09:58 Clare Liguori: So this is an area which differs between whether we're doing unit tests or whether we're doing integration tests. Typically, in a unit test, our builds actually run in an environment that has no access to the network. We want to make sure that our builds are fully reproducible, and so a build would not be calling out to a live service because that could change the behavior of the build, and all of a sudden you can end up with very flaky unit tests running in your build. And so in unit tests, typically we would end up mocking, using, my favorites are Mockito for Java. We would end up mocking those other services, mocking out the AWS SDK that we're using, and making some assumptions along the way about what is the behavior going to be of that service? What error code are they going to return to us for a particular input? Or what is the success code going to be when it comes back? What's the response going to be?

10:57 Clare Liguori: The way that I see integration tests is really an opportunity to validate some of those assumptions against the real live service. And so integration tests almost never mock the dependency services. So if were calling DynamoDB, or S3, the service would actually call those production services in our pre-prod stages during integration tests, and really run through that actual full stack of getting the request, processing that requests, storing it in the database, and returning a response. And so we get to validate what is the response from DynamoDB going to be for a request that comes from the integration test in a pre-prod environment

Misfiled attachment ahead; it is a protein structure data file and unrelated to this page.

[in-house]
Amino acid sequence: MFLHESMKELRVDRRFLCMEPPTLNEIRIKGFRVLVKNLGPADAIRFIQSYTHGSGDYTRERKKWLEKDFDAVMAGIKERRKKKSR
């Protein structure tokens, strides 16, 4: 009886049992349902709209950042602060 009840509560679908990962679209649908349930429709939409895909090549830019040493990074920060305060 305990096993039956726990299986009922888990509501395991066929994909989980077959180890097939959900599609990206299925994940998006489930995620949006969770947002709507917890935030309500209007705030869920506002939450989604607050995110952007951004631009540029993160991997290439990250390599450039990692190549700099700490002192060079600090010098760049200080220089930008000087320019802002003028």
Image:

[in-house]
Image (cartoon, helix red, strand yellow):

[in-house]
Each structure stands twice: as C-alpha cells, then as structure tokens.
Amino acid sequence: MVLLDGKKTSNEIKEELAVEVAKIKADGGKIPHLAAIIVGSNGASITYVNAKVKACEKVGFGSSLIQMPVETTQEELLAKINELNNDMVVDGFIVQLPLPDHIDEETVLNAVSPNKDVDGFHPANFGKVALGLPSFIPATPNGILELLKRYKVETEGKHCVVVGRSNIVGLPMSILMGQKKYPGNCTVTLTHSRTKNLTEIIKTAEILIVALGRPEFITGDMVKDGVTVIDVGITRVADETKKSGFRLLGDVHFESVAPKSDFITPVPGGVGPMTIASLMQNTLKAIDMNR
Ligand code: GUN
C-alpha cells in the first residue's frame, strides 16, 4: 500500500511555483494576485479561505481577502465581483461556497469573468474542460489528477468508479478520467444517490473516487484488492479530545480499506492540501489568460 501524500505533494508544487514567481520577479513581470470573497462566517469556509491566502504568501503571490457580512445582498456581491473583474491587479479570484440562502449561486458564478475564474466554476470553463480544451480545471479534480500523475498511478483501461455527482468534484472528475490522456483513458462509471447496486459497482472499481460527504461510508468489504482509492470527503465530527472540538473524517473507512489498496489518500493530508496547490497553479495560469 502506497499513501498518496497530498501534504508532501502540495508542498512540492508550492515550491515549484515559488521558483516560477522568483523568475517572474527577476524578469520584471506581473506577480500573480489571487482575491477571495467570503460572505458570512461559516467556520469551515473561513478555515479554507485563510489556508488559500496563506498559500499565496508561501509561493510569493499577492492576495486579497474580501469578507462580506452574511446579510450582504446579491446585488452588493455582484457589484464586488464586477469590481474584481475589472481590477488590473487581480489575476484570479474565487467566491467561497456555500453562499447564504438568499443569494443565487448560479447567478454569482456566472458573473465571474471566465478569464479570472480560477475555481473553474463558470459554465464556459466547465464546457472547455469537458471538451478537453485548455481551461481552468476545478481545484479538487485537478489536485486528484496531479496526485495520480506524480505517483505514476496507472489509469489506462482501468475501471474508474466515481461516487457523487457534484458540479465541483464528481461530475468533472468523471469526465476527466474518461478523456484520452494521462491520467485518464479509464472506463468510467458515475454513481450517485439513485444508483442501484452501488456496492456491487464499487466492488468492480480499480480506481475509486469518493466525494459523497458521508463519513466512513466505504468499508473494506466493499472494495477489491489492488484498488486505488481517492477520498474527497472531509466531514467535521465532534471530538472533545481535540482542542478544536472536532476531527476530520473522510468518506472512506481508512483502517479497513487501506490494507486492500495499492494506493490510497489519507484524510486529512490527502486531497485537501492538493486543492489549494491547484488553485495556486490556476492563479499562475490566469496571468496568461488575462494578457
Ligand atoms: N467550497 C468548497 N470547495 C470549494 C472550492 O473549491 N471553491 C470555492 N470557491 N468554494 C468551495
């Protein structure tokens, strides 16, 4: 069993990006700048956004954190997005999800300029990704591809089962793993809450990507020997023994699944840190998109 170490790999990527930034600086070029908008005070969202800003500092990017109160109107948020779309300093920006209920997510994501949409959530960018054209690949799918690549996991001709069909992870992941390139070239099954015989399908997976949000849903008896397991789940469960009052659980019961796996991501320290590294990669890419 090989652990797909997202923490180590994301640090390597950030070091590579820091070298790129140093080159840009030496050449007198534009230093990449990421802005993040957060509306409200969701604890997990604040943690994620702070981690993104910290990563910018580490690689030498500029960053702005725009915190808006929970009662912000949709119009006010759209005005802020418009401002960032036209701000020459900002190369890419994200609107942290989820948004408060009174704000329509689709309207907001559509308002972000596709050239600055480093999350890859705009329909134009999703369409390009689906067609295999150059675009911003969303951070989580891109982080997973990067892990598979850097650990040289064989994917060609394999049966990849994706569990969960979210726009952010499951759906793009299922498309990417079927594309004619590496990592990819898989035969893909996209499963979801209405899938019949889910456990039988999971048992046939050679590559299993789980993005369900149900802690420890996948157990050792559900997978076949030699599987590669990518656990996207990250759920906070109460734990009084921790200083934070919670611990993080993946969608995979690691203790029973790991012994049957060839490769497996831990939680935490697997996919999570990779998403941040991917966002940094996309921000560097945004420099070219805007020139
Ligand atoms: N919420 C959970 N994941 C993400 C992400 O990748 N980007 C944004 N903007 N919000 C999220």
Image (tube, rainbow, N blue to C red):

11:38 Could you explain the functionality and benefits of each of the pre-prod environments, please?

11:38 Daniel Bryant: In your blog post you mentioned the use of alpha, beta, and gamma pre production environments. Could you explain the functionality and benefits of each of the pre-prod environments, please?

11:47 Clare Liguori: I think looking at the number of pre-prod environments that we have, it's really about building confidence in this change before it goes to production. And so what we tend to see with alpha, beta, and gamma is more and more testing as the pipeline promotes that change between environments, but also how stable those environments tend to be.